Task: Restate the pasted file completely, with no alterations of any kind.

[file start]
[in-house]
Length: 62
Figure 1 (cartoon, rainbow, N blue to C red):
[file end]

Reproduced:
[in-house]
Length: 62
Figure 1 (cartoon, rainbow, N blue to C red):